Department of Environment and Conservation (NSW), 2005
ISBN: 1 7412 2144 7
4 Taxonomy and Description
|Family:||Monimiaceae s. lat|
Daphnandra sp. C Illawarra (R. Schodde 3475) is synonymous with Daphnandra sp. C sensu Harden (1990). The species was previously included in Daphnandra micrantha (Tul.) Benth s. lat prior to a revision of the genus that recognised three new species; Daphnandra sp. A, Daphnandra sp. C, and Daphnandra sp. D (Harden 1990). Foreman and Whiffin (MS) propose the name Daphnandra johnsonii for D. sp. C Illawarra.
The Monimiaceae s. lat contains 30 to 35 genera (450 spp.), most of which are confined to tropical and temperate regions of the Southern Hemisphere (Harden 1990). In Australia, 11 genera and 25 species are present in Queensland, New South Wales, Victoria and Tasmania (Harden 1990). Monimiaceae is divided into smaller families by some authors. Monimiaceae s. str contains only three genera (Palmeria, Hedycarya and Wilkiea) with Daphnandra, Antherosperma and Doryphora are placed in a separate family, Atherospermataceae (Harden 1990).
D. sp. C Illawarra is a medium sized rainforest tree that grows to 20 metres and is capable of prolific suckering. Leaves are opposite, coarsely toothed, elliptic to ovate, 6 to 12 cm long, 1.5 to 6 cm wide with a raised mid-vein on the upper surface. Leaf margins are deeply, rather distantly and coarsely toothed (except for the basal half or third) with petioles 3 to 7 mm long. Inflorescence is a many- flowered panicle borne from the base of leaves. Pedicels are 3 to 6 mm long. Perianth is 2.5 to 3.5 mm long, pale greenish white, sometimes tinged pink. Fruiting receptacle is brown, more or less ellipsoid, mostly 5 to 7 mm long, glabrous or covered in fine brown hairs. Fruit are achenes, more or less ellipsoid in shape and uniformly silky hirsute (A. Bofeldt, Wollongong Botanic Gardens, pers. comm.; Foreman & Whiffin MS; Fuller & Mills 1985; Harden 1990).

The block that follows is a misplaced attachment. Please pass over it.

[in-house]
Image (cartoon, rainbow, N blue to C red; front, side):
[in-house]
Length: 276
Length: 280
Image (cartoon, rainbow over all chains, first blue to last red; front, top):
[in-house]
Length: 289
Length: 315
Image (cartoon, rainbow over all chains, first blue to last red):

D. sp. C Illawarra is sometimes confused with Doryphora sassafras (Sassafras), a rainforest tree with similar habitat preferences. The two species can be readily differentiated however by the mid- vein on the upper surface of the leaf, which is raised for D. sp. C Illawarra. Also, the inflorescence of D. sp. C Illawarra consists of a many-flowered panicle while that of Sassafras is a three flowered cluster on a short stalk (Harden 1990).
Floyd (1978) describes some other useful diagnostic features of the Daphnandra genus including:
- Prominent leaf scars on stems;
- Conspicuously flattened branchlet nodes; and
- Ball and socket joints (from which the Socketwood common name is derived) on the main stem where larger branchlets have broken away.